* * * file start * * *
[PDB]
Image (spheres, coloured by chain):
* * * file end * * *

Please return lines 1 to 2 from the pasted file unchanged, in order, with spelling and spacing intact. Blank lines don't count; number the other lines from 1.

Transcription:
[PDB]
Image (spheres, coloured by chain):